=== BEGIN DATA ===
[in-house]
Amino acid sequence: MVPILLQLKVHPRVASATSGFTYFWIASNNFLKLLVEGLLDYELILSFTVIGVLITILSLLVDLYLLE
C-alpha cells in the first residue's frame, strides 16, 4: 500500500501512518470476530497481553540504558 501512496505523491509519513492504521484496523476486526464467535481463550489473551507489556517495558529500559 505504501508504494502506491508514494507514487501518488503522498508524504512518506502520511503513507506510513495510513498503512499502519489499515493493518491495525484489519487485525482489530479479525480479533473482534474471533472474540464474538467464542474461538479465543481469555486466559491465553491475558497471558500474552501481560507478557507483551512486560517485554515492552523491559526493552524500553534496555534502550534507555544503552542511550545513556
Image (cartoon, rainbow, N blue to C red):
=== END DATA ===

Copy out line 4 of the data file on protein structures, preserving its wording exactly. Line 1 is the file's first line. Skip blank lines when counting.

Image (cartoon, rainbow, N blue to C red):